Jo Tolley is one of The Lincolnite’s first generation Community Voices columnists. She describes herself as a ‘curious curtain twitcher’ and a budding freelance writer. She believes that everyone has a right to have their voices heard. “It’s my life’s goal to make a real difference and show that people can achieve their dreams, regardless of their situation.” Jo has Quadriplegic Cerebral Palsy and believes that the arts provide freedom and independence for all.
“We’re proud that such a diversity of local people feel welcome in the space and in engaging with our programme.” Kerry Campbell: Artistic Director, Mansions of the Future.
As a writer, I see the daily impact the arts has on disabled people. I surround myself with likeminded individuals who accept my scatty, unconventional brain which runs at a million miles per hour, irrespective of my wheels. Through my fellow creatives of Lincoln, I have discovered the way to fit in is to stand out – even if you can’t stand. And so, it baffles me that the statistics aren’t reflecting this. According to Scope, of the 13.9 million disabled people in the UK, only 3.7 million are in work. Couple this with the research carried out by Arts Council England, which states a mere 4% of that figure work within National Portfolio Organisations, and questions have to be asked as to why.
My first experience of Mansions of the Future came shortly after I made the decision to ditch my ten-year quarter-life crisis to go in search of my authentic self. A ball of anxiety and uncertainty: I sat in the back of a Coffee, Cake, Meet and Greet session, in the hope that no one would notice the imposter in the room. Everyone seemed so proud of their imperfections; so willing to discuss the vulnerability of their struggles. Something about the cultural hub made it okay to dance in the rain, the sun and the snow.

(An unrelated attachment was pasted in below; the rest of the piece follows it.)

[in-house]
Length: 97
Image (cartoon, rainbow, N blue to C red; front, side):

I have since fallen in love with Mansions of the Future’s interdisciplinary programme. It has something for everyone. Whether it be exhibitions, talks, workshops, communal lunches, public art projects or events; the team work tirelessly to maintain a culture centring around artists and citizens.
The Takeover Programme, which enables locals to cultivate their own initiatives, has seen over 70 regular groups using the free space. With thanks to the designs of inaugural artist, Kathrin Böhm, the ground floor is fully accessible, meaning disability inclusion is a key component to its success. From the perspective of an advocate for the disabled community, I am inspired by the integration the project has been able to achieve in its three-year lifespan. Without a doubt, this is a result of the team’s ethos to welcome and nurture the diversity already existing in Lincoln.
Mansions of the Future is entering its final months, which leaves us wondering where we’ll find the level of connection it’s offered to so many. What’s certain though, is it has made its mark within the city. It has offered a space where disabled people are valued, yet their disability is imperceptible. In providing a platform for different disciplines to meet, Mansions of the Future has led by example: To drive in your own lane whilst encouraging and applauding others who do the same.
I don’t claim to be an expert, but from my lived experience of disability, there seems to be an overarching notion that disabled people have to fit in a disability-shaped box. ‘You can’t be an artist because you can’t dance or hold a paintbrush’. In reality, it doesn’t work that way. Humanity is multifaceted: we are not defined by any one thing. By funding projects akin to Mansions of the Future, we dispel that myth. If more people living with a disability had the opportunity to engage with their creative culture, then perhaps the 4% statistic would be significantly higher.